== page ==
According to Exodus 3:22 they were to have their sons and daughters wear the jewelry they’d acquired. Perhaps here is where we get the phrase “travel in style.” Those kids were looking good. With moms and dads keeping close watch on their littles, I imagine an air of excitement permeated the people.

“Can you believe we’re doing this?”
“I never thought it’d happen!”
“Joseph, slow down, wait for mommy” (Oh you know there was some of that.)

Fresh off the heels of God’s deliverance, I’d say they were happy to carry their kneading bowls of unleavened bread on their shoulders. Shifting baskets of goods from one hip to another. “Don’t worry about it, we’re free!” I’d have been giddy – a fresh start before me.

Like we often are when someone comes to Christ. Freed from the grip of sin, granted new life in Christ, we celebrate, don’t we? We hug and cry tears of joy, exhaling big sighs of relief that our dear friend is now a sister in Christ. And they, cleansed, made new, indwelt by the Holy Spirit, experience a fresh start.

But then what? Usually it doesn’t take long and we (they) are back to reality. Oh yeah, I’m still a sinner. The Christian walk a little more taxing than we thought, we grumble. We grow weary. We sit down. We question. We waiver. We doubt. (See any of that in the book of Exodus? Um, yes.)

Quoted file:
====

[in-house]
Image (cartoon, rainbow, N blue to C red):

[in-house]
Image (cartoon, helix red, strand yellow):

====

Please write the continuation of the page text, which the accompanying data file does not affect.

Because their story of redemption, echoes ours not only in the rescuing part, but in the journey also. So by stepping back and looking at Israel’s ride, we can gain a better understanding of not only God’s expectations for us. (And His love and patience.) But it also offers a glimpse of what might be waiting for us over the horizon. 1 Corinthians 10:11 says, “Now these things happened to them as an example, but they were written down for our instruction.”

Specifically, I see five takeaways in today’s passage:

  1. The Feast of Unleavened Bread was immediate.

Directly following the Passover (the night of their redemption) came the Feast of Unleavened bread. From the fourteenth through the twenty-first of the month of Abib, they were to eat nothing with yeast to commemorate their Egyptian exodus. “For seven days no leaven is to be found in your houses” (Ex. 12:19).

Yeast or leaven often a picture of sin in Scripture, Jesus told the disciples to be careful of the leaven of the Pharisees (Matthew 16:6). (Because a little bit of sin can permeate the whole batch of dough. You get the idea.)  But what got me here is the timing of the feast. It started the day of Passover. Not a few days later or two months down the road, but that day. A picture to us of immediately, in Christ, leaving our life of sin behind. Not next month or two years from now. But at the point of salvation, having been cleansed by the blood of the Lamb, we’re called to live a righteous, holy life.

  1. God took them the long way.